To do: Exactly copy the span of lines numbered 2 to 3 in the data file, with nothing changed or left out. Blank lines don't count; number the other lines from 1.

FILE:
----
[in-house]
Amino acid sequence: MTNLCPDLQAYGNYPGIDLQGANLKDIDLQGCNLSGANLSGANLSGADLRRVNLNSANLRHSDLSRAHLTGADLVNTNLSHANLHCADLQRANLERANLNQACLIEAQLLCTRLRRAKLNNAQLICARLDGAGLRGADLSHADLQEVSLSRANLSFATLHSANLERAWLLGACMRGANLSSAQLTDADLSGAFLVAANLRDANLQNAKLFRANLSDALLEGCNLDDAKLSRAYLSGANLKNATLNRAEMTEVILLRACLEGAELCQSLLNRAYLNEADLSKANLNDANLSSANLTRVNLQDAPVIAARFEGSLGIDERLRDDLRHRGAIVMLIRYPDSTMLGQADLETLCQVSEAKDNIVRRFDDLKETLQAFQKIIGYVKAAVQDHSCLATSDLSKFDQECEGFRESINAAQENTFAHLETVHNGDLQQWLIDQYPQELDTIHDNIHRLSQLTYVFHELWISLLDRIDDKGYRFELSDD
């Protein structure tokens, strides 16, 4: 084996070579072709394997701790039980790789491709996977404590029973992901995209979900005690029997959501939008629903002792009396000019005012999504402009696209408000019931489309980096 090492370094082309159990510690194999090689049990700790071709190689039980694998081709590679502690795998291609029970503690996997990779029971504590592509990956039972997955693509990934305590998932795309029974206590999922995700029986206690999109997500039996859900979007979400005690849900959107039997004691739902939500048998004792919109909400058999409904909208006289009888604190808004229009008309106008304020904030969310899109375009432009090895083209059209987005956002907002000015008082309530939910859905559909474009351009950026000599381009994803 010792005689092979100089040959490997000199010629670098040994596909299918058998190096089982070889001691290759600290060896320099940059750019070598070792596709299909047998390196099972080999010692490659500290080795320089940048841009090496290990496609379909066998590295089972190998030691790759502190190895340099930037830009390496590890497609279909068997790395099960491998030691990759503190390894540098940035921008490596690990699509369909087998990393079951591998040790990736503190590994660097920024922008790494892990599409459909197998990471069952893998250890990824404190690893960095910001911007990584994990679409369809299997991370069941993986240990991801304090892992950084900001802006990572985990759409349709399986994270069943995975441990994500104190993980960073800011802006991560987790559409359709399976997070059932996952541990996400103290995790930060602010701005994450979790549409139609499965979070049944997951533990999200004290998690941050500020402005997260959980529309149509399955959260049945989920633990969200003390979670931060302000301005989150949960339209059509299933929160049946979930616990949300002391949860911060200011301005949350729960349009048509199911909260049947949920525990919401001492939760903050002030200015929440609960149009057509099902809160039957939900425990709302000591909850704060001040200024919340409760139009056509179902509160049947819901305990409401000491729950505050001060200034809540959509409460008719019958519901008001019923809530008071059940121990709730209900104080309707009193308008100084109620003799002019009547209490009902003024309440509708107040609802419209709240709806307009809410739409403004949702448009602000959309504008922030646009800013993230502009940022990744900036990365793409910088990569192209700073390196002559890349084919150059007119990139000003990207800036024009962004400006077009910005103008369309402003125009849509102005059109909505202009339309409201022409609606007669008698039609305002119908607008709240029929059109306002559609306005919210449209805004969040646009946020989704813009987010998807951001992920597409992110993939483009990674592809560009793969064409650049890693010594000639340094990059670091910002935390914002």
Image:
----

Amino acid sequence: MTNLCPDLQAYGNYPGIDLQGANLKDIDLQGCNLSGANLSGANLSGADLRRVNLNSANLRHSDLSRAHLTGADLVNTNLSHANLHCADLQRANLERANLNQACLIEAQLLCTRLRRAKLNNAQLICARLDGAGLRGADLSHADLQEVSLSRANLSFATLHSANLERAWLLGACMRGANLSSAQLTDADLSGAFLVAANLRDANLQNAKLFRANLSDALLEGCNLDDAKLSRAYLSGANLKNATLNRAEMTEVILLRACLEGAELCQSLLNRAYLNEADLSKANLNDANLSSANLTRVNLQDAPVIAARFEGSLGIDERLRDDLRHRGAIVMLIRYPDSTMLGQADLETLCQVSEAKDNIVRRFDDLKETLQAFQKIIGYVKAAVQDHSCLATSDLSKFDQECEGFRESINAAQENTFAHLETVHNGDLQQWLIDQYPQELDTIHDNIHRLSQLTYVFHELWISLLDRIDDKGYRFELSDD
């Protein structure tokens, strides 16, 4: 084996070579072709394997701790039980790789491709996977404590029973992901995209979900005690029997959501939008629903002792009396000019005012999504402009696209408000019931489309980096 090492370094082309159990510690194999090689049990700790071709190689039980694998081709590679502690795998291609029970503690996997990779029971504590592509990956039972997955693509990934305590998932795309029974206590999922995700029986206690999109997500039996859900979007979400005690849900959107039997004691739902939500048998004792919109909400058999409904909208006289009888604190808004229009008309106008304020904030969310899109375009432009090895083209059209987005956002907002000015008082309530939910859905559909474009351009950026000599381009994803 010792005689092979100089040959490997000199010629670098040994596909299918058998190096089982070889001691290759600290060896320099940059750019070598070792596709299909047998390196099972080999010692490659500290080795320089940048841009090496290990496609379909066998590295089972190998030691790759502190190895340099930037830009390496590890497609279909068997790395099960491998030691990759503190390894540098940035921008490596690990699509369909087998990393079951591998040790990736503190590994660097920024922008790494892990599409459909197998990471069952893998250890990824404190690893960095910001911007990584994990679409369809299997991370069941993986240990991801304090892992950084900001802006990572985990759409349709399986994270069943995975441990994500104190993980960073800011802006991560987790559409359709399976997070059932996952541990996400103290995790930060602010701005994450979790549409139609499965979070049944997951533990999200004290998690941050500020402005997260959980529309149509399955959260049945989920633990969200003390979670931060302000301005989150949960339209059509299933929160049946979930616990949300002391949860911060200011301005949350729960349009048509199911909260049947949920525990919401001492939760903050002030200015929440609960149009057509099902809160039957939900425990709302000591909850704060001040200024919340409760139009056509179902509160049947819901305990409401000491729950505050001060200034809540959509409460008719019958519901008001019923809530008071059940121990709730209900104080309707009193308008100084109620003799002019009547209490009902003024309440509708107040609802419209709240709806307009809410739409403004949702448009602000959309504008922030646009800013993230502009940022990744900036990365793409910088990569192209700073390196002559890349084919150059007119990139000003990207800036024009962004400006077009910005103008369309402003125009849509102005059109909505202009339309409201022409609606007669008698039609305002119908607008709240029929059109306002559609306005919210449209805004969040646009946020989704813009987010998807951001992920597409992110993939483009990674592809560009793969064409650049890693010594000639340094990059670091910002935390914002």